Subjective well-being among street mothers community

Fatwa Tentama, Nina Zulida Situmorang, Fitrianur Fitrianur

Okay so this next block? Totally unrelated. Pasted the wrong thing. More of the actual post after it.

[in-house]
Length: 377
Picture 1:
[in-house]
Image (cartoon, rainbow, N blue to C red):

Street mothers are among the vulnerable groups in society who experience complex problems due to poverty and other economic issues. Street mothers live with their children to seek earnings and work multiple jobs. The well-being of street mothers is distinct from working mothers who work in the office, and thus the goal of this research is to understand the subjective well-being of mothers who work in the streets. This qualitative phenomenological study collected data using a semi-structured interview. Data were collected from 6 street mothers aged 18-40 years living in the dense residence of Kali Code, Yogyakarta. Content analysis was used in this research, and the results showed that street mothers were satisfied with their current lives. Some of the reasons for their satisfaction include having a place to stay, being able to gather with their family every day, having a job, having independent earning, supporting children's education, and meeting their family's needs. This study also found that life satisfaction was associated with feeling satisfied with the self, family life, health, job, and community environment. Furthermore, participants expressed positive affect in the form of happiness when their job and earnings were good when gathering with the family or neighbors when the family is in harmony. The children are obedient when they can meet the needs of the children when they receive unexpected rewards. In contrast, the participants experienced negative affect in the form of guilt when they were unable to make the family happy, disappointed when daily earnings were small, sad when children were not obedient, angry and disappointed about living conditions and worried, anxious, and afraid about the conditions of the workplace.


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